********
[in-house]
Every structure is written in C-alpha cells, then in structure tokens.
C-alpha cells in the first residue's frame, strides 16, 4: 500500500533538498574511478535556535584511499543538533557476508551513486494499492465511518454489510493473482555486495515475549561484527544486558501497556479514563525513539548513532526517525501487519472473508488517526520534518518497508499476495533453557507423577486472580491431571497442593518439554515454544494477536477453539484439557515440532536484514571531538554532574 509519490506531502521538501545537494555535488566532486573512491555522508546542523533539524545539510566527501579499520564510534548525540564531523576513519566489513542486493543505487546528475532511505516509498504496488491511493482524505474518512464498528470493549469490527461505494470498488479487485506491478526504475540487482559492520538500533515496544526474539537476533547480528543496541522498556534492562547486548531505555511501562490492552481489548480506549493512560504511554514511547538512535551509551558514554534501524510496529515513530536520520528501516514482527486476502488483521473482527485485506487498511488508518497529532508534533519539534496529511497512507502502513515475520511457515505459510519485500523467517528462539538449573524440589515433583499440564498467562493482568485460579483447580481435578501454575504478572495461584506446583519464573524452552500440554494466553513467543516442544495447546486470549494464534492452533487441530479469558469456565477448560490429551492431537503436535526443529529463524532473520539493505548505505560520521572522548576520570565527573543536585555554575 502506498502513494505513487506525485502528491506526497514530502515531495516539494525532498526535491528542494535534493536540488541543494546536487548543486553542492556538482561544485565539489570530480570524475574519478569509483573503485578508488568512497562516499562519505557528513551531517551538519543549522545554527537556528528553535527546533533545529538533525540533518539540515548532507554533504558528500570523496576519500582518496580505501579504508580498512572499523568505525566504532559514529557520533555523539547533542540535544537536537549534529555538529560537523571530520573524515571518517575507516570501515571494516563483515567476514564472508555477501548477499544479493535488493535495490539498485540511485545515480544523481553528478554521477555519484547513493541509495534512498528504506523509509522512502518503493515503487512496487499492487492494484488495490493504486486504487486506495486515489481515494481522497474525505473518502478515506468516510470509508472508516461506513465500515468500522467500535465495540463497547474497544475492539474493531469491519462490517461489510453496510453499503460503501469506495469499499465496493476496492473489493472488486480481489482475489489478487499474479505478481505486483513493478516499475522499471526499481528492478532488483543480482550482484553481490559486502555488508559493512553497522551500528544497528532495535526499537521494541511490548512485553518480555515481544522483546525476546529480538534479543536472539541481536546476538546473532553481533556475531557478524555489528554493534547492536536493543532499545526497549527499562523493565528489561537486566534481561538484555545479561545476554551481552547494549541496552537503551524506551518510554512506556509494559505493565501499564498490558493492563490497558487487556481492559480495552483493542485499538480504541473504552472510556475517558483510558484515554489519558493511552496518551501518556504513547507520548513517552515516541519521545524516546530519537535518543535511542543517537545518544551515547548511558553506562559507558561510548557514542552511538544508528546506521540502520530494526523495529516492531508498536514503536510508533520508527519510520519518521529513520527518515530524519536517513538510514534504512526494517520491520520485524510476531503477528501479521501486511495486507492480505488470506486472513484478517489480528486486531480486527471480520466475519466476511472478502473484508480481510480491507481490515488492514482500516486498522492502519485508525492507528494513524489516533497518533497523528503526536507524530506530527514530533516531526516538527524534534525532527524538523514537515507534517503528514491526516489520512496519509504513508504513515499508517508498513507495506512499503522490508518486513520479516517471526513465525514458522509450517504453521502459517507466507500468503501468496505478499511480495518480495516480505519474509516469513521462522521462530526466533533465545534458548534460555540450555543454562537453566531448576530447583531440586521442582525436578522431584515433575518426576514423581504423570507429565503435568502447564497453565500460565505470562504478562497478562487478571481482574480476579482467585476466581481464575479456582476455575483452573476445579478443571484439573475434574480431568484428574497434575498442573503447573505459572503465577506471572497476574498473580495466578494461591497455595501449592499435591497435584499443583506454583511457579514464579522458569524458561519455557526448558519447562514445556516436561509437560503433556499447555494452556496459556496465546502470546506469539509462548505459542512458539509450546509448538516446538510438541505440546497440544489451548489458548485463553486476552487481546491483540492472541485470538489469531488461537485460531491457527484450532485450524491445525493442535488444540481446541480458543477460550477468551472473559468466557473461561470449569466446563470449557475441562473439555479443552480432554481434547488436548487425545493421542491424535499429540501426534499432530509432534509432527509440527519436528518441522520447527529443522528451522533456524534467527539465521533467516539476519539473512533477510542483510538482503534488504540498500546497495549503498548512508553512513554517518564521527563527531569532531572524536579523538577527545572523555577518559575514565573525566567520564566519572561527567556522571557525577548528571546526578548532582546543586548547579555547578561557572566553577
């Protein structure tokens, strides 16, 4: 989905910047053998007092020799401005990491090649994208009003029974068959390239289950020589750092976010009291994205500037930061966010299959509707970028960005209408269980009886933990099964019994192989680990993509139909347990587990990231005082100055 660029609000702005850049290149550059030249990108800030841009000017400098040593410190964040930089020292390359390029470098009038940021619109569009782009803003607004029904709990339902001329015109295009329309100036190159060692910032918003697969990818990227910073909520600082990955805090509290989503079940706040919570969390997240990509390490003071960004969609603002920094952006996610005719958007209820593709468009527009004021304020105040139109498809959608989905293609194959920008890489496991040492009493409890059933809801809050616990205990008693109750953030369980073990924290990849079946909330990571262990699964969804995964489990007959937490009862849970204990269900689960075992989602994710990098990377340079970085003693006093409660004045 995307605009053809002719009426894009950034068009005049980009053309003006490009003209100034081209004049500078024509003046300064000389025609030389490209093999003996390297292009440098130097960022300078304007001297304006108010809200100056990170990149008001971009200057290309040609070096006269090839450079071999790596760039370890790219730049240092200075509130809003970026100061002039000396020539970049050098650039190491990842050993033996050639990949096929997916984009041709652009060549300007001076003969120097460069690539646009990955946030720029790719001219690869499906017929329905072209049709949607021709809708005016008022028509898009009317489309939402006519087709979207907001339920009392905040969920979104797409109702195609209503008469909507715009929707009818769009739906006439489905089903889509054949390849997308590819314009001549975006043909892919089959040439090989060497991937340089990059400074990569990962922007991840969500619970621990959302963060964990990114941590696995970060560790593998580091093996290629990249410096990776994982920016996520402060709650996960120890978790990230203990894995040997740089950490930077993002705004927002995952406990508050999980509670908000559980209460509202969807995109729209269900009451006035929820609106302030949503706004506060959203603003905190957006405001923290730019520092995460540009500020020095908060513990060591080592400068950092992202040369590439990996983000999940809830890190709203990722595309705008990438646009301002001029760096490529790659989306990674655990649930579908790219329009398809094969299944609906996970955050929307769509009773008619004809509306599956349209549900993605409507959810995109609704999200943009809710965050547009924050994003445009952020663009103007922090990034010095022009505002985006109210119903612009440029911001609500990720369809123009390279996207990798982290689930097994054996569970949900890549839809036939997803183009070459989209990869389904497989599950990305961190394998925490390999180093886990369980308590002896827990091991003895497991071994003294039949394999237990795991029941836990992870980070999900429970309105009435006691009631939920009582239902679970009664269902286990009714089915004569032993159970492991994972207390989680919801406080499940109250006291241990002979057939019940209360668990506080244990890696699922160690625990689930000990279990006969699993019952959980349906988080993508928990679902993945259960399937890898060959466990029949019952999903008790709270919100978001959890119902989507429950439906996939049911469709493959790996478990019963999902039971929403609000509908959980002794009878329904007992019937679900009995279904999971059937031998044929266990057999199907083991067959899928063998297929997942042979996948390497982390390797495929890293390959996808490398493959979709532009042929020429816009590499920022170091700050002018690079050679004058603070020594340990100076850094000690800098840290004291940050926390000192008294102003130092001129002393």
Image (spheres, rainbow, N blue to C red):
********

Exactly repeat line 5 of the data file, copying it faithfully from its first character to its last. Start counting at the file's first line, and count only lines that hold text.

Image (spheres, rainbow, N blue to C red):